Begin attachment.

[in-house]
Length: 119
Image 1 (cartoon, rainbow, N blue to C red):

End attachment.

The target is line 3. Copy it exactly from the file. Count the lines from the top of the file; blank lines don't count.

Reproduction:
Image 1 (cartoon, rainbow, N blue to C red):